DALE GROOM, M.D., F.A.C.P.; WADDY CHAPMAN, M.D.; WOFFORD W. FRANCIS; ANNE BASS, M.D.; YRO T. SIHVONEN, M.S.
The terms "physiologic," "functional," "innocent" and "benign" have customarily been applied to heart murmurs which, by definition, arise in presumably normal hearts. Such designations imply a distinction between these sounds and those produced by some abnormality of the cardiovascular system (though not necessarily excluding extracardiac disease, such as anemia or hyperthyroidism). The concept of functional vs. pathologic murmurs is perhaps more clinically useful than decisive; generally the assumption is that an individual either does or does not have a murmur, and that if he does it either is or is not indicative of organic heart disease.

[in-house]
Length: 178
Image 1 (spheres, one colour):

It has been variously
GROOM D, CHAPMAN W, FRANCIS WW, et al. THE NORMAL SYSTOLIC MURMUR*†. Ann Intern Med. 1960;52:134–144. doi: https://doi.org/10.7326/0003-4819-52-1-134
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Published: Ann Intern Med. 1960;52(1):134-144.
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